Religious Zionist rabbis on Tuesday added their voices to the rash of criticism leveled at a controversial religious leader who was recorded telling fresh army recruits that military service drives female soldiers “crazy” and strips them of their Jewishness.
In a letter to Defense Minister Avigdor Liberman and Education Minister Naftali Bennett, Zionist Union faction chair Merav Michaeli demanded the government cut state funding to Rabbi Yigal Levinstein’s pre-army religious academy in Eli in the West Bank, over his “attack on women.”
“Rabbi Levinstein ridiculed and disrespected female soldiers. His statements diminish the status of women and encourage sexism towards them,” Michaeli, writing on behalf of the Zionist Union party, said.
In footage broadcast by Channel 2 news on Tuesday — a day before International Women’s Day — Levinstein told several hundred graduates of another academy, in the settlement of Bnei Atzmon, that IDF service has “driven our girls crazy.”
“They recruit them to the army, where they enter as Jews, but they’re not Jews by the time they leave,” Levinstein said. “Not in the genetic sense, but all of their values and priorities have been upset and we must not allow it.”
The comments drew broad condemnation from Israeli officials and politicians, with Defense Minister Avigdor Liberman asserting that Levinstein could be stripped of his position at the Eli academy.
Saying that the rabbi’s comments “damage the IDF,” Michaeli called on Liberman and Education Minister Naftali Bennett to withhold funding from the Eli institution “until the horrible values the students have been taught disappear altogether.”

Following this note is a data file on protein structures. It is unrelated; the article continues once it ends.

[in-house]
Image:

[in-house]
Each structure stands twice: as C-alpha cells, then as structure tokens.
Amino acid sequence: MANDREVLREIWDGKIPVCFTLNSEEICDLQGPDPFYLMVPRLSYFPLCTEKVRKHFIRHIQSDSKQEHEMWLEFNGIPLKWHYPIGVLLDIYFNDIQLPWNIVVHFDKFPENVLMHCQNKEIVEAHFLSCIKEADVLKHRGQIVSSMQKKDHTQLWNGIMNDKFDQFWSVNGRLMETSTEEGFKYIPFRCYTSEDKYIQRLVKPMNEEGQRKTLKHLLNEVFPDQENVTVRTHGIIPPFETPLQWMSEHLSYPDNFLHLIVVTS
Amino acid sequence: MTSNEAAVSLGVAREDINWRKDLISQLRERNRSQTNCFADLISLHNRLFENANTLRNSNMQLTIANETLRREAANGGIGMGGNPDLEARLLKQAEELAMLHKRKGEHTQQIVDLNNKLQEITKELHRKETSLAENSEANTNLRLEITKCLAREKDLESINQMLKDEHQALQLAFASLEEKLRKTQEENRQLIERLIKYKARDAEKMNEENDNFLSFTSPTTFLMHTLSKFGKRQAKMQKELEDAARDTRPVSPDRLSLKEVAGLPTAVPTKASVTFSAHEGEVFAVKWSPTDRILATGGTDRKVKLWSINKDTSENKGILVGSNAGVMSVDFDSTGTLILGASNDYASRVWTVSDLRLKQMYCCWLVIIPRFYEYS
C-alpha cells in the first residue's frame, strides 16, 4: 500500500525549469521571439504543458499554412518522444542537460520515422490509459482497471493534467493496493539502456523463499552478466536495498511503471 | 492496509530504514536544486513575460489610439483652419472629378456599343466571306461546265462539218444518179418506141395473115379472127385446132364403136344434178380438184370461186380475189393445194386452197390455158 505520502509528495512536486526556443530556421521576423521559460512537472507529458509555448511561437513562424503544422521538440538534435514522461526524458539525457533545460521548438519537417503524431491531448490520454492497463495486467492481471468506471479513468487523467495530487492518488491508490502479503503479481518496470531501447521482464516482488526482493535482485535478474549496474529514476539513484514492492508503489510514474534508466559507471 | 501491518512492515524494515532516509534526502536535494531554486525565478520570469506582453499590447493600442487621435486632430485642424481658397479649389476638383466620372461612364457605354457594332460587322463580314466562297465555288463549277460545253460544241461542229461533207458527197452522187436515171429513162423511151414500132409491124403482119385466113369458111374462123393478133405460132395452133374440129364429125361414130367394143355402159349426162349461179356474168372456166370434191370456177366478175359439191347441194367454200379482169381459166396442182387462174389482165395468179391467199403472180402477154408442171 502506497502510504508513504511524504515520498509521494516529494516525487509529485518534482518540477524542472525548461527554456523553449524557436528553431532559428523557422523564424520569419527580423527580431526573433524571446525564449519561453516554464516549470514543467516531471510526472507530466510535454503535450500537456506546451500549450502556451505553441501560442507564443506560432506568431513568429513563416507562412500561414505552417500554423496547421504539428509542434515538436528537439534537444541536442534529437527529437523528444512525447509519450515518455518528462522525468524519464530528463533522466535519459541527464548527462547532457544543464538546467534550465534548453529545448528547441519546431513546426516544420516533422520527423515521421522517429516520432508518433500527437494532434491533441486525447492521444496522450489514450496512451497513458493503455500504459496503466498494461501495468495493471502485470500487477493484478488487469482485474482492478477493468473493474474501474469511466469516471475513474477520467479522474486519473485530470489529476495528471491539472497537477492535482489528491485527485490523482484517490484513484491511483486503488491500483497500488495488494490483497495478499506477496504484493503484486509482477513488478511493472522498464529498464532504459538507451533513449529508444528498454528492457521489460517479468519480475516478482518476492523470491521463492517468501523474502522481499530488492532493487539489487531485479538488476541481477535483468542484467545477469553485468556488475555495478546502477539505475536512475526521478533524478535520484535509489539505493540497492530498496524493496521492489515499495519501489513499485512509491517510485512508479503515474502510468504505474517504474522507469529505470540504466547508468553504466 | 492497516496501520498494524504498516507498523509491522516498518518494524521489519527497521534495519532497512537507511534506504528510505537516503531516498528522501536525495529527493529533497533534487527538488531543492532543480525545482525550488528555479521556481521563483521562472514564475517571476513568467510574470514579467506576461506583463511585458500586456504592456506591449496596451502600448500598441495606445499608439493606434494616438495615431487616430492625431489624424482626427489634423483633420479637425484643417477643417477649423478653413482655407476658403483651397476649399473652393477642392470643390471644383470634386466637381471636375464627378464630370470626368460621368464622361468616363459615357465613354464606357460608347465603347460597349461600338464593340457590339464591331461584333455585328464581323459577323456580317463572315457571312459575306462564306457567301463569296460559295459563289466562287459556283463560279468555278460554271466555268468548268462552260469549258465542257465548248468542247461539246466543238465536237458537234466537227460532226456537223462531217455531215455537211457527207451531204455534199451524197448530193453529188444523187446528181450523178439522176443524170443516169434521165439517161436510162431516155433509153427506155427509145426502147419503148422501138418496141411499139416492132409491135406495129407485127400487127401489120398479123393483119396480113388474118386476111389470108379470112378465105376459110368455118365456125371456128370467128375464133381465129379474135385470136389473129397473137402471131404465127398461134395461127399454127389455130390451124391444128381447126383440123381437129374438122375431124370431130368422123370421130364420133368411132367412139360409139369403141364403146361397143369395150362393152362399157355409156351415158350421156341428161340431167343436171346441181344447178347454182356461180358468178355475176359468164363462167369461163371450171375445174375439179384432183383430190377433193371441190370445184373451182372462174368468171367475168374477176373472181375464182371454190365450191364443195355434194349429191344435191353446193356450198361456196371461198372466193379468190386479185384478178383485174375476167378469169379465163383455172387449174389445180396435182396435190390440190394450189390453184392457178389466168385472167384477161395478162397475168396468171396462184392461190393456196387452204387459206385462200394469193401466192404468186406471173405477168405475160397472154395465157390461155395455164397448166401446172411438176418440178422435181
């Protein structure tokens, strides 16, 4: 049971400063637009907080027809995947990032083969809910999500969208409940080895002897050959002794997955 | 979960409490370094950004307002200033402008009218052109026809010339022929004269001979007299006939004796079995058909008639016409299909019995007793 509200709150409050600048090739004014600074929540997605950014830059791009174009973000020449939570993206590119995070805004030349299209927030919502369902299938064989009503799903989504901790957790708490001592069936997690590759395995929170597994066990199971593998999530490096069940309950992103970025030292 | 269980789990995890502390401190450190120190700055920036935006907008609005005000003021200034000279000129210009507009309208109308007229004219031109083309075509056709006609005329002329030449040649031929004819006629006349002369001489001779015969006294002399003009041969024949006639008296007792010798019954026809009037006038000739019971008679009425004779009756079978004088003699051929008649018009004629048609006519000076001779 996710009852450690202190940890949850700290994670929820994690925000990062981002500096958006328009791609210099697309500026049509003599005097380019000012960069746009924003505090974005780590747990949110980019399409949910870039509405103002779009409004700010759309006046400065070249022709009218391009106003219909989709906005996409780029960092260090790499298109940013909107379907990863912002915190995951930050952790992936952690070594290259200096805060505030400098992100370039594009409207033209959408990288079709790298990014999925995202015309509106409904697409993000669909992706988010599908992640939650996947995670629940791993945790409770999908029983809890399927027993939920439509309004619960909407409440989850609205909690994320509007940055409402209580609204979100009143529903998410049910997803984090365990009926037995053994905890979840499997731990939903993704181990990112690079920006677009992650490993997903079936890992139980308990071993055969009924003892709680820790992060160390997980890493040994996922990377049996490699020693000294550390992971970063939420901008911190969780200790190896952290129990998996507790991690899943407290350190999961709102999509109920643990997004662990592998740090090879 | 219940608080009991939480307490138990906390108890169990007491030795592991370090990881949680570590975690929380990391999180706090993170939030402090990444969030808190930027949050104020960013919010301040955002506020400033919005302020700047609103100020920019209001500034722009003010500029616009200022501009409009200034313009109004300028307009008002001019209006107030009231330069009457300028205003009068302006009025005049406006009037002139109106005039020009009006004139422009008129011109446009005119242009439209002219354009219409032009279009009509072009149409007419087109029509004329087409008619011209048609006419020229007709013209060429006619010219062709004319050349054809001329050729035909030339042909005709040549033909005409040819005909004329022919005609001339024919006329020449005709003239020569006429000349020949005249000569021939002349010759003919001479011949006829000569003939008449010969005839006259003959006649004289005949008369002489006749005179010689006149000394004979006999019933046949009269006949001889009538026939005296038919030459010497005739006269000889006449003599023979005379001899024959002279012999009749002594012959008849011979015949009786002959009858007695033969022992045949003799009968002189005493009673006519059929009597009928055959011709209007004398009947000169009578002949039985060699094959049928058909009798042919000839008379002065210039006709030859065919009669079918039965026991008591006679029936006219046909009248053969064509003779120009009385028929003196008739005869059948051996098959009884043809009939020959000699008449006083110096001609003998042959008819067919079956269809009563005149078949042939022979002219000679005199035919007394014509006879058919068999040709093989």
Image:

The Union of Religious Pre-army Academies published an open letter Wednesday calling Levinstein’s comments “inappropriate” and “disrespectful.”
According the letter, signed by the heads of 28 institutions, “the use of this sort of derogatory language… is not our way.”
But in a show of support for Levinstein, two renowned hardline religious Zionist leaders, rabbis Zalman Melamed and Dov Lior, issued a religious directive Wednesday banning men from serving in mixed-gender units in the IDF.
Mirroring Levinstein’s language, the directive said that the Israeli military “destroys modesty” and its guidelines are “directly opposed to the Torah.”
Earlier Wednesday, Prime Minister Benjamin Netanyahu defended female troops, telling a meeting of the Knesset Foreign Affairs and Defense Committee that Israel was “proud” of its history of integrating females into its fighting forces, going back to biblical times.
“Female Jewish fighters, from the time of Yael the heroine to the present — with Hannah Senesh and the fighters in the Etzel, the Palmach and the Lehi and the IDF, heroic warriors in the police and Border Police that we see here on the streets — are an active, and sometimes very senior, part of our national defense,” the prime minister said.
“We are proud of it, and will will further it. It’s important to say this in the most clear fashion,” Netanyahu added.
Levinstein drew censure last year after a speech he gave calling homosexuals “deviants.” He wrote a letter to the Defense Ministry, explaining his comments, but has had many of his activities with the military cut short in light of his controversial remarks.
On Wednesday, the state prosecutor, responding to a petition protesting Levinstein’s comments against homosexuals, said that his speech did not constitute “incitement” and did not warrant a criminal investigation.